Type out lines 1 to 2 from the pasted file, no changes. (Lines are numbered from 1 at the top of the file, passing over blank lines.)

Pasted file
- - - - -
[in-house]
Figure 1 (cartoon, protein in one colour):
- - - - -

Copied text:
[in-house]
Figure 1 (cartoon, protein in one colour):